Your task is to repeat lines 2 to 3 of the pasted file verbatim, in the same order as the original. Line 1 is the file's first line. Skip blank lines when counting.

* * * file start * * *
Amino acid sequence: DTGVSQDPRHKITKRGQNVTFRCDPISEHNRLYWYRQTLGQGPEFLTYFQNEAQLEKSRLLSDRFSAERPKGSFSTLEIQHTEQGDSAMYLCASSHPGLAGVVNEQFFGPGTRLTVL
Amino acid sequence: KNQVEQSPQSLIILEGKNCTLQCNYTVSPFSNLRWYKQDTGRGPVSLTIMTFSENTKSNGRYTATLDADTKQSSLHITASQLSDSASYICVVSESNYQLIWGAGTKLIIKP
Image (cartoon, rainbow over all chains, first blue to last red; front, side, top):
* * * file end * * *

Amino acid sequence: KNQVEQSPQSLIILEGKNCTLQCNYTVSPFSNLRWYKQDTGRGPVSLTIMTFSENTKSNGRYTATLDADTKQSSLHITASQLSDSASYICVVSESNYQLIWGAGTKLIIKP
Image (cartoon, rainbow over all chains, first blue to last red; front, side, top):